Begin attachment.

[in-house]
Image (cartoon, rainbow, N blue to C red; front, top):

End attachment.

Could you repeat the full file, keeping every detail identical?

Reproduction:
[in-house]
Image (cartoon, rainbow, N blue to C red; front, top):